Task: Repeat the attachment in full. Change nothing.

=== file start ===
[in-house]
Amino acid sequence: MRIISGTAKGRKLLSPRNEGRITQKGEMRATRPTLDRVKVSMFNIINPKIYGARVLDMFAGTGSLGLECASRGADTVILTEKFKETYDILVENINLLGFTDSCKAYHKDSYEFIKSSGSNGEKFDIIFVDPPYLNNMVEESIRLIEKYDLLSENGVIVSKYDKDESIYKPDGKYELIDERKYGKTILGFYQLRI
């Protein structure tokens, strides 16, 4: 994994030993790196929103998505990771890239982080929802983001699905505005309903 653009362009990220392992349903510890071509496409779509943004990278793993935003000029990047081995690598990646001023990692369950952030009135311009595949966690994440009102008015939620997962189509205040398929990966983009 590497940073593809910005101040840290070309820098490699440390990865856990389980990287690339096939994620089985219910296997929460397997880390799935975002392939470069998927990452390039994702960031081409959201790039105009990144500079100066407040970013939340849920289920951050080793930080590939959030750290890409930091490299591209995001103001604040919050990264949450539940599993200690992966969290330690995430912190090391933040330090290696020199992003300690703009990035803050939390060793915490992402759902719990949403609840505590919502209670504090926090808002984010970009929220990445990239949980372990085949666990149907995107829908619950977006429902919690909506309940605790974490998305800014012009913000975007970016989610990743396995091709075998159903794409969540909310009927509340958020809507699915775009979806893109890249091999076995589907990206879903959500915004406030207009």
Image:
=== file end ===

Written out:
[in-house]
Amino acid sequence: MRIISGTAKGRKLLSPRNEGRITQKGEMRATRPTLDRVKVSMFNIINPKIYGARVLDMFAGTGSLGLECASRGADTVILTEKFKETYDILVENINLLGFTDSCKAYHKDSYEFIKSSGSNGEKFDIIFVDPPYLNNMVEESIRLIEKYDLLSENGVIVSKYDKDESIYKPDGKYELIDERKYGKTILGFYQLRI
């Protein structure tokens, strides 16, 4: 994994030993790196929103998505990771890239982080929802983001699905505005309903 653009362009990220392992349903510890071509496409779509943004990278793993935003000029990047081995690598990646001023990692369950952030009135311009595949966690994440009102008015939620997962189509205040398929990966983009 590497940073593809910005101040840290070309820098490699440390990865856990389980990287690339096939994620089985219910296997929460397997880390799935975002392939470069998927990452390039994702960031081409959201790039105009990144500079100066407040970013939340849920289920951050080793930080590939959030750290890409930091490299591209995001103001604040919050990264949450539940599993200690992966969290330690995430912190090391933040330090290696020199992003300690703009990035803050939390060793915490992402759902719990949403609840505590919502209670504090926090808002984010970009929220990445990239949980372990085949666990149907995107829908619950977006429902919690909506309940605790974490998305800014012009913000975007970016989610990743396995091709075998159903794409969540909310009927509340958020809507699915775009979806893109890249091999076995589907990206879903959500915004406030207009």
Image: